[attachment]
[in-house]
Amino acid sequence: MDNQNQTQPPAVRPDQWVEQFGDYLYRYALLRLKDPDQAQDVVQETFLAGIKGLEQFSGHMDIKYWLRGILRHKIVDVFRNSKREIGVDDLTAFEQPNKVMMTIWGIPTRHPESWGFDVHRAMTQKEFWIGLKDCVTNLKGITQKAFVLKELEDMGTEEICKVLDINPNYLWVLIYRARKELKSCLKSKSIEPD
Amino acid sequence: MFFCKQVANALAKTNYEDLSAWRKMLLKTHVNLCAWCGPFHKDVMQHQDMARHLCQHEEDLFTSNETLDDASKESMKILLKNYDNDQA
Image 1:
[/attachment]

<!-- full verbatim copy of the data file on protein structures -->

[in-house]
Amino acid sequence: MDNQNQTQPPAVRPDQWVEQFGDYLYRYALLRLKDPDQAQDVVQETFLAGIKGLEQFSGHMDIKYWLRGILRHKIVDVFRNSKREIGVDDLTAFEQPNKVMMTIWGIPTRHPESWGFDVHRAMTQKEFWIGLKDCVTNLKGITQKAFVLKELEDMGTEEICKVLDINPNYLWVLIYRARKELKSCLKSKSIEPD
Amino acid sequence: MFFCKQVANALAKTNYEDLSAWRKMLLKTHVNLCAWCGPFHKDVMQHQDMARHLCQHEEDLFTSNETLDDASKESMKILLKNYDNDQA
Image 1: